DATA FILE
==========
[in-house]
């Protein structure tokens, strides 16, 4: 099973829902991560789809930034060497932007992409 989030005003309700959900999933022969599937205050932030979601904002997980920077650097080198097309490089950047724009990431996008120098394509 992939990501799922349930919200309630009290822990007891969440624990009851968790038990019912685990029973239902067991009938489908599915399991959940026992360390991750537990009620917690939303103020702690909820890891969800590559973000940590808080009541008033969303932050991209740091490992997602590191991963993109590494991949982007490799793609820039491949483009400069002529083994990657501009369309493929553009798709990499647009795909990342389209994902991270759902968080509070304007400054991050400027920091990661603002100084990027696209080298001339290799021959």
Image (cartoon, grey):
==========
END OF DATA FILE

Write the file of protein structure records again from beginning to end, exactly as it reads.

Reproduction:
[in-house]
């Protein structure tokens, strides 16, 4: 099973829902991560789809930034060497932007992409 989030005003309700959900999933022969599937205050932030979601904002997980920077650097080198097309490089950047724009990431996008120098394509 992939990501799922349930919200309630009290822990007891969440624990009851968790038990019912685990029973239902067991009938489908599915399991959940026992360390991750537990009620917690939303103020702690909820890891969800590559973000940590808080009541008033969303932050991209740091490992997602590191991963993109590494991949982007490799793609820039491949483009400069002529083994990657501009369309493929553009798709990499647009795909990342389209994902991270759902968080509070304007400054991050400027920091990661603002100084990027696209080298001339290799021959």
Image (cartoon, grey):